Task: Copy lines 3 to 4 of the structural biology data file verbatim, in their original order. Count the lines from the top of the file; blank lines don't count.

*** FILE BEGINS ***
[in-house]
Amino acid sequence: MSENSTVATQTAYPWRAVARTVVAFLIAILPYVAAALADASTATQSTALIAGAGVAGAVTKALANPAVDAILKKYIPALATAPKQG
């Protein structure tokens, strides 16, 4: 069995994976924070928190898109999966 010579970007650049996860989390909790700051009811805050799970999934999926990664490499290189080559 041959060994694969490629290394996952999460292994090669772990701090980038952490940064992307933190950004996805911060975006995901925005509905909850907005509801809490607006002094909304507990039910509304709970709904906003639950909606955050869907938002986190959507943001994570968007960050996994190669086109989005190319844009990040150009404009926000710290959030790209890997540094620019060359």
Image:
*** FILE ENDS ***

């Protein structure tokens, strides 16, 4: 069995994976924070928190898109999966 010579970007650049996860989390909790700051009811805050799970999934999926990664490499290189080559 041959060994694969490629290394996952999460292994090669772990701090980038952490940064992307933190950004996805911060975006995901925005509905909850907005509801809490607006002094909304507990039910509304709970709904906003639950909606955050869907938002986190959507943001994570968007960050996994190669086109989005190319844009990040150009404009926000710290959030790209890997540094620019060359």
Image: